Acute and chronic effects of desvenlafaxine on gastrointestinal transit and motility in dogs

J. Song, J. Yin, J. D.Z. Chen

Research output: Contribution to journalArticlepeer-review


Background: Antidepressants are commonly used for treating functional gastrointestinal (GI) diseases. However, little is known whether antidepressants improve or impair GI motility. This study aimed at exploring possible effects of a serotonin-norepinephrine reuptake inhibitor, desvenlafaxine succinate (DVS), on GI motility in dogs. Methods: Eight dogs chronically implanted with a duodenal cannula and a colon cannula were used in the study. Experiments were performed to assess the effects of a single dose of DVS (50 or 100 mg) and DVS given 50 mg once a day for 2 weeks on gastric emptying of solid, small intestinal transit, and colon transit and contractions. Key Results: (1) DVS significantly delayed gastric emptying of solid at a single dose of 50 or 100 mg. The inhibitory effect on gastric emptying was completely blocked by guanethidine (an adrenergic blocking agent). (2) DVS at a single dose of 50 or 100 mg accelerated colon transit, but showed no effects on small bowel transit. (3) DVS at a single dose of 50 mg enhanced colon contractions and guanethidine blocked the effect. (4) Surprisingly, DVS given at 50 mg once daily for 2 weeks did not alter gastric emptying, small bowel transit or colon transit. Conclusions & Inferences: Acute DVS delays gastric emptying of solid and enhances the contractions of the colon, which may be mediated via the sympathetic mechanism. Acute DVS promotes the transit of the colon but not the small intestine. However, chronic administration of DVS does not seem to alter GI motility.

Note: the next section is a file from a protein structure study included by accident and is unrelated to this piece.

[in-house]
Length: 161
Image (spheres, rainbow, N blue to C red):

Original languageEnglish (US)
Pages (from-to)824-e637
JournalNeurogastroenterology and Motility
Issue number10
StatePublished - Oct 1 2013
Externally publishedYes


  • Antidepressant
  • Colon motility
  • Gastric emptying
  • Intestinal transit

ASJC Scopus subject areas

  • Physiology
  • Endocrine and Autonomic Systems
  • Gastroenterology

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